How to keep your gadgets from being hacked by a ‘botnet’



We’ve all tried being creative with our wi-fi names. And the intention – be it the subtle ‘Thou shall not covet thy neighbour’s wi-fi’ or the more direct ‘Get your own wi-fi fuckhead’ – is usually to discourage uninvited leechers from trying to access your network. All good – but what about the password? You didn’t seriously think that your message alone would be enough to discourage hackers and intruders, did you?

Because if you did, you might be leaving yourself open to hostile takeover by a ‘botnet’. On Friday last week, the Western world experienced a DDoS (Distributed Denial of Service) attack, which basically translates into flooding a single source with more server requests than it can handle, making it shut down. Although the attack didn’t do much damage, it shut down parts of the internet for quite a while. So what? That’s a minor inconvenience at best, right? Yes, but imagine this happening to the entirety of Internet. The scarier part though is that this attack was possible because a number of IoT (Internet of Things) devices were left open to takeover by a botnet (a vast network of IoT devices).


So if your wifi password is ‘password’ (so clever, sigh) or something like ‘qwerty123’, you might, in the best case scenario, lose some of your allotted data usage quota. In the worst case, you might be the cause of the next large scale attack.


While the term botnet is pretty benign, this form of hacking has another name that reflects its threat better – zombie army. A botnet is a collective of systems that are being used without their owners’ knowledge via remote access. It’s kind of like a simpler-version of Skynet from Terminator.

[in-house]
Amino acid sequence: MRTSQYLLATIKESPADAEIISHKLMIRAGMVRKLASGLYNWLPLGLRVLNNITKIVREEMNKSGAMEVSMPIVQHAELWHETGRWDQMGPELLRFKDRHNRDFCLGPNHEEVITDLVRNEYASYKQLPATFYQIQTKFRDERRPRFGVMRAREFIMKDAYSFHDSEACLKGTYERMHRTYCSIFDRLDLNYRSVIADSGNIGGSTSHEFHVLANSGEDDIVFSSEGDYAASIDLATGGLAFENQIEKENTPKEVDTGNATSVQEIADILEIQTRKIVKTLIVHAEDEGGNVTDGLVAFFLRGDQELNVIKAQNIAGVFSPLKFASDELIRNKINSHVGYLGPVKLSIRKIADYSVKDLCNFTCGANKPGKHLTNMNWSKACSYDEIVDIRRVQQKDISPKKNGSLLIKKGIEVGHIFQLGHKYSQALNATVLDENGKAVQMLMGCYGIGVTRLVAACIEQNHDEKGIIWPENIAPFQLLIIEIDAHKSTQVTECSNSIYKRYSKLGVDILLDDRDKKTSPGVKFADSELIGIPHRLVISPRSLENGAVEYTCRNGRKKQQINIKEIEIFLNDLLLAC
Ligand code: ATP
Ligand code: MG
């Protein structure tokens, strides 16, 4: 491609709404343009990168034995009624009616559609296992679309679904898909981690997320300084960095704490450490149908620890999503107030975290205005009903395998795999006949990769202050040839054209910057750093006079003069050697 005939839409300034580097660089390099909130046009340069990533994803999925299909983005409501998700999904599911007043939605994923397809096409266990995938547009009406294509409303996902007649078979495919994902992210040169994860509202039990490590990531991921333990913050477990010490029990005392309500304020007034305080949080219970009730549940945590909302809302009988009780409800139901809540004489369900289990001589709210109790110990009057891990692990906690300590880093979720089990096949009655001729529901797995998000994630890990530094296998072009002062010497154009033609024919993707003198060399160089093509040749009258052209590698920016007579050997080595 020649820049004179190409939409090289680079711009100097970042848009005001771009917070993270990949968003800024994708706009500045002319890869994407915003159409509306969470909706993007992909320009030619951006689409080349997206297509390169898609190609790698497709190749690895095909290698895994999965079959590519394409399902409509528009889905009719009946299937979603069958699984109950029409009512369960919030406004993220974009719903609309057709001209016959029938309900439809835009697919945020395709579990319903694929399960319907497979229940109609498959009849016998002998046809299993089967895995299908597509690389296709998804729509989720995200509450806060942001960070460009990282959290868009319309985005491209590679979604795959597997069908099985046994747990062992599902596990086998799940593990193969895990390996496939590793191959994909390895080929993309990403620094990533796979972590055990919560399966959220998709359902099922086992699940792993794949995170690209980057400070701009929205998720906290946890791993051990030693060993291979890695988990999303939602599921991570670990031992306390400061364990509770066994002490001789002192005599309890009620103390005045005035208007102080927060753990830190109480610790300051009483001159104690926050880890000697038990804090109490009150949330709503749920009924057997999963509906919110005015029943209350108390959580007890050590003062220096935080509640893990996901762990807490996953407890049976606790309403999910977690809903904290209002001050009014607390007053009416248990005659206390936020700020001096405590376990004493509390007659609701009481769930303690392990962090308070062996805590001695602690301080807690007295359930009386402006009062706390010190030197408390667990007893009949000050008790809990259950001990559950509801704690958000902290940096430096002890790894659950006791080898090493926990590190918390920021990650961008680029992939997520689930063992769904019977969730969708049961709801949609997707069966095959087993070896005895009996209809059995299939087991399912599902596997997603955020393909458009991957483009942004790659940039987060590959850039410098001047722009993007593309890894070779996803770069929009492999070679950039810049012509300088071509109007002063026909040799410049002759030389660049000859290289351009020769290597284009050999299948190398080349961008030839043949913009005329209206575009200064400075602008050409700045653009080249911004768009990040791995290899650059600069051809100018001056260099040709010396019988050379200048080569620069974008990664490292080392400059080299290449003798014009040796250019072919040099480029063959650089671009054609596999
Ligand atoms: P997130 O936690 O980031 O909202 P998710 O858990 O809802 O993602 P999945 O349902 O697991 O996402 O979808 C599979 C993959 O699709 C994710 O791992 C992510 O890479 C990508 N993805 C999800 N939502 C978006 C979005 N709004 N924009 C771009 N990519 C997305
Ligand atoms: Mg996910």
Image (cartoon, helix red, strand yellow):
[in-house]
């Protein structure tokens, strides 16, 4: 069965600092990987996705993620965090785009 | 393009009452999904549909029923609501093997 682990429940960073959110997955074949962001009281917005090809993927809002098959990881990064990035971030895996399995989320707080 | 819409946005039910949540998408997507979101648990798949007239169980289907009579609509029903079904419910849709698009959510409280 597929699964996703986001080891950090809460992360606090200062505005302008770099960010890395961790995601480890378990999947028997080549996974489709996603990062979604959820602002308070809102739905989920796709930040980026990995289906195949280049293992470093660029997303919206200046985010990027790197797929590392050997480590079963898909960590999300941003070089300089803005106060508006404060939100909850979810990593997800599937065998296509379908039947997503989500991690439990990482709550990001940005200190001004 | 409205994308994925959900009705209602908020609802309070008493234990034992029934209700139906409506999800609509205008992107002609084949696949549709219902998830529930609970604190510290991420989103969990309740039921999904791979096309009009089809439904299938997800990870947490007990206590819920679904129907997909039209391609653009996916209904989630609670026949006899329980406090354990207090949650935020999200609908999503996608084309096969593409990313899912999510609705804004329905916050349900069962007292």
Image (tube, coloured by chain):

First step is stronger passwords. Apart from your wi-fi, protecting access to any device that gives you that option is necessary. But just the password isn’t enough. Steps that you need to take include upgrading to a WPA2 (Wi-fi Protected Access) security for your wi-fi. Disabling your WPS (Wi-fi Protected Setup) is also a good idea. The next step is to change the password of any IoT device that you own. But not so fast. To make sure this is effective, you need to reset the device to factory settings so that if the device is already captured by a botnet, the network wouldn’t know you’re changing your password. If you’re still feeling paranoid (though there’s no such thing as being too careful on the internet) you can also check if your network has access points outside your LAN (Local Area Network). You can locate open ports on your network through a number of websites such as this one.

Checked everything on the list? Now you can sleep easy, and thank us later if and when the zombie army comes for you.